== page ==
Step Away from the Guilt

by Alece Ronzino on November 1, 2013

Step Away from the Guilt 01

I was worried I’d grown numb to it. Maybe I’d become calloused. Hardened. Immune.

Because poverty wasn’t affecting me like it used to.

When I faced it as a teenager—on mission trips to places like Nicaragua and Botswana—my eyes and my heart were opened to things I never knew existed in the world. I was wrecked to discover such unimaginable and inescapable poverty, and it messed with me. I’d return home and make all kinds of extreme commitments. I vowed to be less materialistic. I took radical stances with my “self-absorbed” Christian friends. I soapboxed about America’s obsession with excess. I volunteered more, and served wherever and whenever I could.

But as the aftershocks of my experiences with poverty wore off, so did my radical life changes. Until my next mission trip.

Lather. Rinse. Repeat.

It was a vicious cycle of the best intentions that did nothing more than fuel my need to continually strive to be better, do more, and—somehow, hopefully—be enough. I’m not saying I didn’t genuinely have compassion, conviction, and passion to live a life that makes a difference. I did. But it translated into a guilt-driven reaction to the extremes I saw and experienced, because I couldn’t reconcile the poverty I witnessed with the life I lived every day.

It was a nauseating roller coaster ride as I tried—and failed—to bridge the disparity between my abundance and their lack.

It was years after I moved to South Africa to serve in the poorest region of the country that I finally realized that those things can’t be reconciled or bridged. The contrasts will never make sense.

I mustn’t allow my guilt to force-feed my insatiable striving complex. Nor must I allow it to paralyze me into inactivity or apathy.

I finally learned to step off the roller coaster and actually engage in doing something that would truly make a difference. Not fueled by guilt, but by hope.

Step Away from the Guilt 02

I realized that it isn’t about being apologetic for what I have, giving everything away, or looking down on how much people spend at Starbucks. It is about stewarding what I have well—using it to serve, strengthen, and love others.

People often ask me how I could live and work for so long in a community of such dire poverty. “Do you just get used to it?” What they are really asking is the same thing I’ve asked myself: “Did you grow numb?”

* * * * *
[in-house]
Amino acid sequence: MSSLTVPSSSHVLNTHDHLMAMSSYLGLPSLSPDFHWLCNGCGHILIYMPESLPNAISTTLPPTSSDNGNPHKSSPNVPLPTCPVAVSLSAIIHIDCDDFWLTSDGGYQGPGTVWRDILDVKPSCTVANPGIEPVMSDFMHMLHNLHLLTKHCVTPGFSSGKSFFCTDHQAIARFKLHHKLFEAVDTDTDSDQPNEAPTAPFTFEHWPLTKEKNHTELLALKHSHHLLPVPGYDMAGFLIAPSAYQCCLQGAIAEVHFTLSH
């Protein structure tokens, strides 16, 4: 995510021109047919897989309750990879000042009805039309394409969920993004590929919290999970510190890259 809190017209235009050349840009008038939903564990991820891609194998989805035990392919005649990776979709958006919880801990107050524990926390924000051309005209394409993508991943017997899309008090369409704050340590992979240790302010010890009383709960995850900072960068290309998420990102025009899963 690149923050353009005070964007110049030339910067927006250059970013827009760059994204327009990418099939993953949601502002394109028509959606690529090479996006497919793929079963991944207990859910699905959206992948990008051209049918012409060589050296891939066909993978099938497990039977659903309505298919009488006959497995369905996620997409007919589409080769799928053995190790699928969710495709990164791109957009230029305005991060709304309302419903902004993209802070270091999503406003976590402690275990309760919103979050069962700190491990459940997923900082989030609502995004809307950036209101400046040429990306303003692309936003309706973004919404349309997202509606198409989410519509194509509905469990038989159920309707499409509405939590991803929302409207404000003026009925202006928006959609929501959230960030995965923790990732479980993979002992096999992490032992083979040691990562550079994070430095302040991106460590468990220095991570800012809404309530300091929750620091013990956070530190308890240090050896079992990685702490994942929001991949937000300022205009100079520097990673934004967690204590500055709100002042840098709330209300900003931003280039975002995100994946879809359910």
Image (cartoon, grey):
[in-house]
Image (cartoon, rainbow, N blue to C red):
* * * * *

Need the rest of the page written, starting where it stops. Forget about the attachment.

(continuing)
And I see now that I didn’t. But somewhere in my 13 years of living in Africa, something did change in me.

I stopped feeling guilty about what I had and the “luck” of being born an American, and I started to feel grateful to be part of the solution.

The problems and challenges are enormous, but I am confident that we can all do something that makes a difference. In our own unique ways, with our own individual passions and talents, we can bring hope into places and hearts that gave up a long time ago.

Not because we feel guilty, but because we are compelled by the hope we ourselves have been given.

What’s been your experience with responding to poverty?

Alece RonzinoAlece Headshot

After pioneering and leading a nonprofit in South Africa for 13 years, Alece now lives in Nashville, TN. She is a Nonprofit Communications & Development Strategist, a freelance copywriter/editor, and the founder of One Word 365. She blogs occasionally but candidly about searching for God in the question marks of life and faith. Follow Alece on Twitter and visit her blog, Grit and Glory.

{Photos Source: Daniel C. White}

A previous post by Alece: Bring the Rain

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About Alece Ronzino

After pioneering and leading a nonprofit in South Africa for 13 years, Alece now lives in Nashville, TN. She is a Nonprofit Communications & Development Strategist and the founder of OneWord365. She blogs (occasionally, but candidly) about searching for God in the question marks of life and faith. Connect with Alece on Twitter, Instagram, and her blog, Grit and Glory.

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